PETER IVERS, Becoming Peter Ivers (2xCD/2xLP)
Becoming Peter Ivers tells the story of a virtuosic songwriter and musician whose antics bridged not just 60s counterculture and New Wave music but also film, theater, and music television. This is the first Peter Ivers compilation, collecting 25 songs from over 500 reels and cassettes and an incredible amount of unseen ephemera, a fraction of which is included in the artwork.



JOHN FOGERTY, 50 Year Trip: Live At Red Rocks (CD)
John Fogerty—50 Year Trip: Live at Red Rocks was filmed and recorded on June 20, 2019, during a special stop of Fogerty’s nationwide U.S. tour celebrating his 50-year career. The set list includes 17 Fogerty and Creedence Clearwater Revival classics, including “Proud Mary,” “Bad Moon Rising” and “Centerfield,” along with covers of “I Heard it Through the Grapevine” and “Susie Q,” the latter first released on CCR’s debut album in 1968 and the band’s only Top 40 hit not written by Fogerty.


BILL FRISELL, Harmony (Gatefold LP)
Getting your hands on a new Bill Frisell CD is a bit like unboxing a gift from a good friend with great taste. So what do we have here? Something intriguing, as it turns out, yet again. Suffice to say, Harmony is bound to delight many fans who’ve followed the guitarist’s singular and increasingly curious path over the last few decades. Of course, because Frisell has never been overly concerned with genre distinctions, an innate sense of whimsy still informs his tune choices and original contributions. A quick glance at the songwriters represented here—Stephen Foster and Pete Seeger communing with Lerner and Loewe, Elvis Costello, and Billy Strayhorn—reveals the album’s expansive contours. But what sets Harmony apart, besides the fact that it marks Frisell’s Blue Note album debut as a leader, is the project itself: a “roots music” work commissioned by the FreshGrass Music Festival and featuring vocalist Petra Haden, cellist Hank Roberts, and Luke Bergman on acoustic guitar, baritone guitar, and bass.Vocal harmonies (by Roberts and Bergman) enhance the mix, but Haden’s wordless singing is as essential as it is haunting, adding to the album’s markedly soulful nature. If Frisell sounds genuinely inspired by the setting, whether accenting melodies or sustaining atmospherics, no doubt his previous work with Haden and Roberts has something to do with it. But perhaps discovering how well his own tunes would serve the ensemble, amid the improbable shifts from “Hard Times” to “On the Street Where You Live” to “Lush Life,” proved pivotal. Either way, an auspicious kickoff to Frisell’s Blue Note years.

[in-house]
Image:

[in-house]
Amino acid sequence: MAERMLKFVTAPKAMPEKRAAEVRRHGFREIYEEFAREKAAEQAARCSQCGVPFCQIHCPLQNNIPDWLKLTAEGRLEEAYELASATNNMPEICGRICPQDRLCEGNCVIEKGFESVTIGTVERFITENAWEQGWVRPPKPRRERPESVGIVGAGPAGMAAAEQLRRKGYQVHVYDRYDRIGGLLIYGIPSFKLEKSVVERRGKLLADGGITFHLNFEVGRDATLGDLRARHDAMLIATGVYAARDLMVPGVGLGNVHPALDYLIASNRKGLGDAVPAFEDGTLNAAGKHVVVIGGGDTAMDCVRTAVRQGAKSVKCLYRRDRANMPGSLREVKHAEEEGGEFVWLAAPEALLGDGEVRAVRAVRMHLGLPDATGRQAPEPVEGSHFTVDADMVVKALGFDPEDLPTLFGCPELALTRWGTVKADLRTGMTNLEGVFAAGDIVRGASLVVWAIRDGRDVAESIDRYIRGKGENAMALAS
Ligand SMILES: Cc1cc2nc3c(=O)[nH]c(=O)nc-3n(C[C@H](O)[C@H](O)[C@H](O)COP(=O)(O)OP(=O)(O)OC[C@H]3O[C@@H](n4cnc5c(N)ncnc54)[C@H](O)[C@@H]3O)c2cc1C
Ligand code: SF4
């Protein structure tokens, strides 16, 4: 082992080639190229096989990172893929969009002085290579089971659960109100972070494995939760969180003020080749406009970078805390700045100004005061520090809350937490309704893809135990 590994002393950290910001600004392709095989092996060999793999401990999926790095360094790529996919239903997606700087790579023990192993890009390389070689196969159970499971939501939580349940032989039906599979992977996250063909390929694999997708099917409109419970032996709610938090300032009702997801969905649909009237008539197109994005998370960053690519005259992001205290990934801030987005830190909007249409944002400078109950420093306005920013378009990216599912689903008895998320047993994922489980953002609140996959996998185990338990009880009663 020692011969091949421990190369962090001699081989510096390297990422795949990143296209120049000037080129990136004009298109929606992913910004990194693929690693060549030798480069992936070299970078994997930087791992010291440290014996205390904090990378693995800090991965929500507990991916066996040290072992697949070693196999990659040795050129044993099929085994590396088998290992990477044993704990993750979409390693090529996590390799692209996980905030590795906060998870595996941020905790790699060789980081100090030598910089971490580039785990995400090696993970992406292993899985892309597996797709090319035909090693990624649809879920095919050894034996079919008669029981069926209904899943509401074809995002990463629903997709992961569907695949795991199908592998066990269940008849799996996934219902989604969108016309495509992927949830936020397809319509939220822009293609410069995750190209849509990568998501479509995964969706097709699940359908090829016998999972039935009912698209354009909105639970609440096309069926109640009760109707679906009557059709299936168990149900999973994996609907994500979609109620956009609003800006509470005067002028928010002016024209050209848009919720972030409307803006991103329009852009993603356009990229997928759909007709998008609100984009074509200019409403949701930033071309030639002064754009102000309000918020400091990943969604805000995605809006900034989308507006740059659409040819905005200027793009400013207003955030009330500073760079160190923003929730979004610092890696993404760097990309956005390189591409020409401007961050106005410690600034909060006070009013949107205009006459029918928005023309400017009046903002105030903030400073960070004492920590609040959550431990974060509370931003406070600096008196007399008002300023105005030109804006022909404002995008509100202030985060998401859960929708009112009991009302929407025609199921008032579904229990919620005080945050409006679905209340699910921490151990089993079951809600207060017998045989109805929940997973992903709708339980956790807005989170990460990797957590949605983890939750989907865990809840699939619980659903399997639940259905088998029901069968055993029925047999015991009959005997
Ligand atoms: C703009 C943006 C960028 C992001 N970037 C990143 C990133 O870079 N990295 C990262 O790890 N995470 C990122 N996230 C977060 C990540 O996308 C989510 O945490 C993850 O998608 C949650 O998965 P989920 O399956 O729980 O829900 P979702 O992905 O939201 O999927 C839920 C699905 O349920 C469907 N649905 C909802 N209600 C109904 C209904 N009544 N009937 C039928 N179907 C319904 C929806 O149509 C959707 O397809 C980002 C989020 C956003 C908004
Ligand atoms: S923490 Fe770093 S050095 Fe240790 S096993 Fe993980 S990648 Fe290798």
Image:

Repentless Killogy: Live At The Forum (2xCD/2xLP)




VARIOUS ARTISTS, No Other Love: Midwest Gospel 1965-78 (CD/LP)

MARTIN BARRE, Trick Of Memory (CD/LP)

QUIET RIOT, Hollywood Cowboys (CD/LP)



Deutsche Grammophon presents chamber music by Mieczysław Weinberg under the direction of Gidon Kremer, together with Yulianna Avdeeva – pianist and Giedrė Dirvanauskaitė. Included among others are his “Three Pieces for Violin and Piano”, which Weinberg completed when he was only 15 years old.


In weaving America’s native culture and history, Philip Glass has created his own musical lineage. This album explores these ideas through his single most demanding piano piece, the ferocious, but lyrically meditative Piano Concerto No. 2 (after Lewis and Clark), as well as one of his most neglected, the mysterious A Secret Solo 2. Wichita Vortex Sutra, a joyful and transcendent study, is also heard in the version for narrator, with words by the poet Allen Ginsberg. From his experimental years comes Music in Contrary Motion with its mesmerizing variety of pulse patterns.